Can Mark Twain Teach You Everything You Need To Know About IT User Adoption?
This is the first in a five part series.
Recently I stumbled on a page of Mark Twain quotes. I realized that the insights and teachings of a man who died decades before modern information systems were even conceived may hold some of the greatest lessons for how to deliver successful technology adoption programs.
While Mark, who never had a smart phone (a term I am sure would have amused him to no end), who never faced a full email inbox, who never Tweeted (is that really a verb?), and who would probably laugh at the notion of an online social community, had some of the keenest insight about the nature of man.
Sadly, it is often a lack of understanding about the nature of man that leads many IT projects to plunge into great depths of despair and poor adoption.
Over the next few weeks, let’s take a look at Mark’s words in relation to IT user adoption programs.
When examined in the context of various aspects of effective user adoption programs, Mark shows us some of the common mistakes and misplaced assumptions that often plague many IT projects.
How can you use Mark’s insights to deliver a more effective user adoption program?
USER ADOPTION STRATEGY
When talking with new and prospective clients, one of the biggest problems we see is that people often believe they already know all of the specific challenges they need to overcome in order to deliver effective technology adoption.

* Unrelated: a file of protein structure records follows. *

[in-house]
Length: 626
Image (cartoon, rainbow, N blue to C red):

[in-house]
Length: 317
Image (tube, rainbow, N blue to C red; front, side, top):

Given this, they believe that there is no need to spend time or money assessing the drivers or barriers of user adoption within their organization, much less devising an actionable strategy to move forward successfully.
Unfortunately, we have found – without exception – that there always critical items that are missed when you don’t investigate before your take action. These issues typically take the form of either key factors that were missed or the form of faulty (unverified) assumptions that led to great mistakes and wasted time or resources later.
IN MARK TWAIN'S WORDS
Before you assume you don’t need a user adoption strategy, consider Mark’s words:
One of the smartest men of our time, Albert Einstein, defined insanity as doing the same thing over and over again and expecting different results. Which, when it comes to IT investments begs the question of why so often people go through the usual motions to pull off an implementation only to “go live and go home” while still expecting this time it’ll be a better experience for everyone involved and this software will save zillions? But if you’re doing the same thing you’ve always done, how exactly will the results this time be different?